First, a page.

Parts of Scotland Have Slowest Internet Speeds in UK
22 January 2019, 07:20 | Updated: 22 January 2019, 07:37
Parts of Scotland receive the worst broadband connection in the UK, according to new research.
A study by consumer group Which? evaluated the broadband speed in local authority areas across Scotland, England and Wales.
Four areas were listed bottom of a list of 32 Scottish local authorities for the standard of broadband connection.
Orkney (at 3Mbps), Shetland (6.7Mbps), Argyll and Bute (7Mbps) and Moray (7.1Mbps) were also recorded as having the slowest internet connections in the UK.
The research by Which? suggests internet users in some of these areas could struggle to carry out online banking or to use streaming services due to slow internet.
Also lagging behind were the Highlands (8.9Mbps), Borders (9.3Mbps), Aberdeenshire (10.1Mbps), Perth and Kinross (10.1Mbps) and Na h-Eilean Siar (11.5Mbps).
The analysis indicated the fastest local authority in Scotland, and the third fastest in the UK, for broadband speed was West Dunbartonshire, with an average 29.6Mpbs.
The findings suggest that downloading a film in Orkney would take around seven times longer than it would in West Dunbartonshire.
Other areas in Scotland which receive a faster connection include Inverclyde (26.9Mbps), Dundee City (23.1Mbps), North Lanarkshire (22Mbps) and East Renfrewshire (21.4Mbps).
The UK Government pledged to ensure a bare minimum connection speed of 10 megabits per second across the country by 2020.
The consumer group's data also suggests that six of the 15 UK local authority areas that are currently failing to reach 10 megabits per second are in Scotland.
The Scottish Government has said it will ensure that all of Scotland has access to superfast broadband (speeds greater than 30Mbps) by 2021 - the "Reaching 100%" (R100) commitment.
Alex Neill, Which? managing director, said: "It's incredibly frustrating that so many Scots are still struggling to get a good broadband connection when so many of us rely heavily on the internet to carry out important everyday tasks.
"The Scottish Government must now press ahead with plans to provide 100% of the homes in Scotland with a decent broadband connection and make sure that no-one is at a disadvantage because of where they live."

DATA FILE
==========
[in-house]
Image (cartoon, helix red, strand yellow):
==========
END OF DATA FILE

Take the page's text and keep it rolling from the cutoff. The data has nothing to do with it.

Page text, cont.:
Scottish Labour's infrastructure, connectivity and transport spokesman Colin Smyth said: "Scotland faces a digital divide with swathes of rural areas unable to access decent broadband.
"As this report exposes, the SNP's roll-out of fibre broadband has failed to deliver, with many rural areas receiving super-slow broadband rather than super-fast.
"It's time we had a clear strategy to properly connect Scotland's rural communities or they risk continuing to be left behind by the failure of both the Scottish and UK governments."
Liberal Democrat MP for Orkney and Shetland Alistair Carmichael said: "These figures will make difficult reading for both of Scotland's governments as they show the digital divide between the Northern Isles and the central belt is getting wider, not narrower.
"The Scottish Government are about to launch their procurement for the next phase of broadband roll-out and anything other than a focus on Scotland's rural and islands communities would be a betrayal of their commitments to deliver reliable superfast broadband across the country."
Paul Wheelhouse, minister for energy, connectivity and the islands, said: "This report highlights what we already know - that it is more challenging to deliver and upgrade broadband infrastructure in rural areas.
"Our R100 programme is a plan to extend superfast broadband access to every home and business in the country in Scotland, and we have focused procurement for R100 in rural areas, where it is needed most.
"A total of 93% of homes and businesses across Scotland already have access to superfast broadband and we are investing £600 million to go further.
"R100 is the only programme of its kind in the UK and will deliver a future-proofed, national fibre network that will make rural Scotland one of the best-connected places anywhere in Europe, underpinning future economic growth."